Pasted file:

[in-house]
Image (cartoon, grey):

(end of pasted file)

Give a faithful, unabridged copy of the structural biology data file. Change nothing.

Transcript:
[in-house]
Image (cartoon, grey):